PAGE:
Communications

 
 

The Community Engagement Office aims to build the identity of the Observatory beyond the scientific community, reaching government and leadership, educators, partners, and the media. This is achieved by elevating our scientists’ research and expressing the importance of Earth science awareness through both local and international media, and through the Observatory’s social channels.

Blog

“Five things to know about Disaster Risk Reduction ”

click to close

[title_1]

Earthquakes, typhoons, volcanic eruptions and floods are some of the hazards we live with. But we can lessen the impacts of these hazards on our lives and livelihoods by following Disaster Risk Reduction (DRR) strategies. These strategies help societies prepare and respond to hazards, and therefore reduce the associated risks. DRR can happen at all levels, from individual actions to international agreements.

Disaster risk was the focal point of the APRU-IRIDeS Multi-Hazards Virtual Summer School 2020. Held over three days on 15, 22, and 22 July 2020, the summer school was organised by the Association of Pacific Rim Universities (APRU) and the International Research Institute of Disaster Science (IRIDeS).

Usually held at Tohoku University and involving lectures and field trips, this year’s summer school was held online due to COVID-19 restrictions.

Assistant Professor David Lallemant, a...

“Why Back-to-Back Typhoons are Common for Southeast Asia”

click to close

[title_1]

Typhoon Goni (Rolly in the Philippines) caused more than 20 fatalities in the Philippines earlier this month. Just a few days later, Typhoon Vamco (Ulysses) struck the Philippines again, then Vietnam on the other side of the South China Sea. “It is fairly common for more than one storm to occur in an ocean basin at the same time”, said Associate Professor Adam Switzer, a Principal Investigator at the Earth Observatory of Singapore. “Since typhoon season in Asia runs into the new year, there is unfortunately a real chance of further storms in the region before the end of 2020”, Assoc Prof Switzer added.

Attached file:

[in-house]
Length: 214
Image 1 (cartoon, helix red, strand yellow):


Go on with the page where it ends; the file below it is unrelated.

Typhoons form under specific sets of conditions between the ocean and the atmosphere. For example, warm sea surface temperature and humid atmosphere favour typhoon formation (cyclogenesis). As these conditions are easily met in Southeast Asia, the region is prone to frequent typhoons. In fact, “in the...

“The Earth has Lost 28 Trillion Tonnes of Ice in Less than 30 Years – New Report Sparks Concerns for Sea-Level Rise in Southeast Asia”

click to close

[title_1]

In conversation with Fangyi Tan, PhD student, Sea Level Research team at the Earth Observatory of Singapore

 

1. Will melting ice sheets in such quantities pose a threat to Southeast Asia in the future? 

recent study found that the Earth has lost a staggering 28 trillion tonnes of ice between 1994 and 2017. The scientists commented in a related news article that the melting of glaciers and ice sheets could cause sea levels to rise by as much as a metre by the end of this century.

One metre may not sound like a lot, but there is a positive feedback when we melt ice. Ice is very reflective; when we melt ice and replace the reflective surface with a darker surface that absorbs more heat, this leads to greater...

Media

We work with the media to provide expert commentary on topics including earth science phenomena, geohazard crises, and new research findings.

To learn more about the Earth Observatory of Singapore in the news, please visit our newsroom.

To view a curated collection of Earth Observatory researchers in the news, please go to our media archive.

Social Channels

Follow us on social media for stories, photos, and updates.

Outreach Events

We share our science and connect with our audience at various outreach events, from on-site tours to conferences to public exhibitions.